Almería, Spain: Over 100,000 students participate in “The school as a space of peace”


an article by Teleprensa (abbreviated)

The 268 schools in the province integrated into the network ‘The school as a space for peace’ celebrated today [January 30] the School Day of Non-violence and Peace with a program of fun and cultural activities promoting democratic values, equality, respect for diversity, dialogue and tolerance. More than 100,000 students and 5,000 teachers participate in these initiatives to improve coexistence in the educational community.

click on the photo to enlarge

Children from the public school of Chanca have taken to the streets for their own peace demonstration

The main event was held at the Multipurpose Center of Berja, organized by the seven schools in the municipality involved in the network ‘The school as a space for peace’ with the project collective ‘Berja: Puerta de la Paz de La Alpujarra’ . It consists of the infant school Barajas, the primary schools Andrés Manjón, San Tesifón and Celia Viñas, the CDP school Our Lady of Gádor, Villavieja and the IES school Sierra de Gador. More than five hundred students attended this event which read the ‘Manifesto 2000’, a formulated by a group of Nobel Peace Prize winners on the occasion of the 50th anniversary of the Universal Declaration of the Human Rights to spread the culture of peace and nonviolence. The text incorporates the idea of individual responsibility in the family, the village, the region and the country to practice and promote non-violence, tolerance, dialogue, reconciliation, justice and solidarity on a daily basis.

The students read messages about respect for life, rejection of violence, generosity, understanding, preservation of the environment and natural resources, solidarity and equality. In addition, with the patronage of Municipal Sports, their schools organized a charity race to benefit the NGO Save the Children. The primary school Palomares, Cuevas del Almanzora, has also supported this NGO to raise funds for the people of the Sahel. Previously, students have studied in their classrooms about the food crisis and the living conditions in the African region. . .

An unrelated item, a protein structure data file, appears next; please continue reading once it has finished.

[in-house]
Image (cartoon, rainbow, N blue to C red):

In Vicar, the primary school Federico García Lorca has organized several circuits of cooperative games on the values of peace with the participation of families and secondary students as monitors.

The School Day of Non-violence and Peace has been celebrated on January 30 since 1964, when it emerged as an initiative of the Spanish professor Llorenç Vidal to spread education and tolerance, solidarity, harmony and respect for human rights. In 1993 he received the support of UNESCO that made this a World Day celebration. The event coincides with the date when Mahatma Gandhi was assassinated in 1948.

The Junta delegate of Education, Culture and Sports, Elizabeth Arevalo, stressed that ‘the culture of peace is not only a main issue but is one of the ultimate goals of the public education system in Andalusia as embodied in the Plan Andaluz of Education for a Culture of Peace’, which involved the creation of the Network “The school as a space of peace” ‘in the 2002-2003 academic year.

(Click here for a Spanish version of this article)

Question related to this article:


What is the best way to teach peace to children?

Comment by Jeanne posted: Mar. 04 2015

The best ways to teach peace to children pre-K to 12:
1. Create schools and classrooms where children live and learn in environments that foster kindness and caring with empathy, respect for everyone and personal responsibility for all that you say and do.
2. Teach the concept of human rights and dignity and the skills of critical thinking and peaceful conflict resolution.
3. Integrate and infuse the concepts and skills in all curriculum subject areas so children develop into knowledgeable and thoughtful world citizens who feel empowered to make the world better for everyone and who are not afraid to take on the political establishment.

Our world leaders of tomorrow are in our classrooms today. What a wonderful opportunity educators have to impact our quest for that elusive culture of peace!

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Jeanne Morascini, Founder
Curriculum of Hope for a Peaceful World